The enforcement of rules and regulations for mangroves conservation is laidback, while the application of agricultural policies is inconsistent with the forest laws. As a result, mangrove areas continue to be exploited and destroyed at unsustainable rates. This phenomenon obviously indicates that mangroves are undervalued in decision-making and policy formulation in Myanmar.

CONCLUSION

Farming in Wunbaike Mangroves plays an apparent role in regional food production. However, Ecosystem value of mangroves vanish with this system. Promoting agriculture may be the solution to reduce the extent of mangrove product extraction. Agricultural development policies, however, should be implemented together with the legislative appraisal in order to prevent the further conversion of mangroves to other development activities. Conservation of Wunbaike Mangrove Forest with local community development should be initiated before the mangrove area is totally exploited and the region becomes vulnerable. The Forest Department and policy makers should consider exerting more effort on reforestation and rehabilitation of mangroves in the region.  

REFERENCES

Aye, H.K. (2007). Sustainable Mangrove Forest management, Wunbaike Mangrove area, Yanbyae Towhship. Rakhine State, Unpublished PhD Dissertation, Department of Geology, Yangon University.

Stanley, D., Broadhead, J. and Myint, A. (2011). The Atlas and Guidelines for Mangrove Management in Wunbaik Reserved Forest, UNFAO, Myanmar Publication 2011/04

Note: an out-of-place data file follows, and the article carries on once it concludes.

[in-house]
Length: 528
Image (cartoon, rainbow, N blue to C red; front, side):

Giri, C., Ochieng, E., Tieszen, L. L., Zhu, Z., Singh, A., Loveland, T., and Duke, N. (2011). Status and distribution of mangrove forests of the world using earth observation satellite data. Global Ecology and Biogeography, 20(1), 154-159.San, Cho Cho (2018), Economic Assessment of Mangorve Forest Uses: The Case of Wunbaike Mangrove Forest in Rakhine State, Myanmar,  kassel university press, ISBN: 978-3-7376-0108-5, 2017, URN: urn:nbn:de:0002-401099 DOI: 10.19211/kup9783737601092

Soe, K. M.and Stanley, D. (2011). Fishery Resources of The Wunbaik, Reserved Mangrove Forest, UN, Myanmar Publication 2011/04.

Oo, N. W. (2002). Present state and problems of mangrove management in Myanmar. Trees 16, 218-223.

Forest Sector Annual Report, Yambye Township Forest Department (FD) (2011), Ministry of Natural Resource and Environmental Conservation.

Forest Department statistics ( 2010), Ministry of Natural Resource and Environmental Conservation.

Received: November 15, 2019
Accepted: December 9, 2019